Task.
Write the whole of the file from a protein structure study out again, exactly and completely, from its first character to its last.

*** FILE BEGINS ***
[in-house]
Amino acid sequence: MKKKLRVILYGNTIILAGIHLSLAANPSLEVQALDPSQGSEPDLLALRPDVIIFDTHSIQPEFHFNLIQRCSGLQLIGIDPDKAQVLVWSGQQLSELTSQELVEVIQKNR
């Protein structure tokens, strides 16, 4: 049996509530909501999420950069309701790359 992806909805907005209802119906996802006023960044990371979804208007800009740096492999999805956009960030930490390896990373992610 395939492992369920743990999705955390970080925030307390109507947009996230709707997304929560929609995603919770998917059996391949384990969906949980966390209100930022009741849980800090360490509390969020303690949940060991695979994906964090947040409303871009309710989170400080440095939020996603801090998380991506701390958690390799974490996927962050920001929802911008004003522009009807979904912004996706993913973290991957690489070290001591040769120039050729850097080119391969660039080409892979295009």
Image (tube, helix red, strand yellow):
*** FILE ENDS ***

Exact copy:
[in-house]
Amino acid sequence: MKKKLRVILYGNTIILAGIHLSLAANPSLEVQALDPSQGSEPDLLALRPDVIIFDTHSIQPEFHFNLIQRCSGLQLIGIDPDKAQVLVWSGQQLSELTSQELVEVIQKNR
């Protein structure tokens, strides 16, 4: 049996509530909501999420950069309701790359 992806909805907005209802119906996802006023960044990371979804208007800009740096492999999805956009960030930490390896990373992610 395939492992369920743990999705955390970080925030307390109507947009996230709707997304929560929609995603919770998917059996391949384990969906949980966390209100930022009741849980800090360490509390969020303690949940060991695979994906964090947040409303871009309710989170400080440095939020996603801090998380991506701390958690390799974490996927962050920001929802911008004003522009009807979904912004996706993913973290991957690489070290001591040769120039050729850097080119391969660039080409892979295009």
Image (tube, helix red, strand yellow):